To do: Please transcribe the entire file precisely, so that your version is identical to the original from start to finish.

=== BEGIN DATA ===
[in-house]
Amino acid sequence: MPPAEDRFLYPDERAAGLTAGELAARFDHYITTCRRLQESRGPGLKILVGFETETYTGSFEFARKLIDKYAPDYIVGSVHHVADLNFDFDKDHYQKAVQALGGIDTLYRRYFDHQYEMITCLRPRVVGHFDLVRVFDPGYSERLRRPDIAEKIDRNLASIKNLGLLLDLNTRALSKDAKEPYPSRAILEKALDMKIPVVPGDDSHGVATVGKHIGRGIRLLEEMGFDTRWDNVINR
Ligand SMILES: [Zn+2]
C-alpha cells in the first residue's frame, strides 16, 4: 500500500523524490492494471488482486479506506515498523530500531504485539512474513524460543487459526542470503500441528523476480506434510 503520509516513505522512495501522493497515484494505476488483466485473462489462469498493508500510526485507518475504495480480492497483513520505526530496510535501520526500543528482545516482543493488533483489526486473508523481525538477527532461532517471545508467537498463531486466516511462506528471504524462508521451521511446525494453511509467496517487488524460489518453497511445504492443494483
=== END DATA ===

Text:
[in-house]
Amino acid sequence: MPPAEDRFLYPDERAAGLTAGELAARFDHYITTCRRLQESRGPGLKILVGFETETYTGSFEFARKLIDKYAPDYIVGSVHHVADLNFDFDKDHYQKAVQALGGIDTLYRRYFDHQYEMITCLRPRVVGHFDLVRVFDPGYSERLRRPDIAEKIDRNLASIKNLGLLLDLNTRALSKDAKEPYPSRAILEKALDMKIPVVPGDDSHGVATVGKHIGRGIRLLEEMGFDTRWDNVINR
Ligand SMILES: [Zn+2]
C-alpha cells in the first residue's frame, strides 16, 4: 500500500523524490492494471488482486479506506515498523530500531504485539512474513524460543487459526542470503500441528523476480506434510 503520509516513505522512495501522493497515484494505476488483466485473462489462469498493508500510526485507518475504495480480492497483513520505526530496510535501520526500543528482545516482543493488533483489526486473508523481525538477527532461532517471545508467537498463531486466516511462506528471504524462508521451521511446525494453511509467496517487488524460489518453497511445504492443494483